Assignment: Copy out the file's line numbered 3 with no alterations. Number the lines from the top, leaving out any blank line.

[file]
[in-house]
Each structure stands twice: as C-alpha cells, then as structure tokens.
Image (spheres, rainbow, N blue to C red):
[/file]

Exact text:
Image (spheres, rainbow, N blue to C red):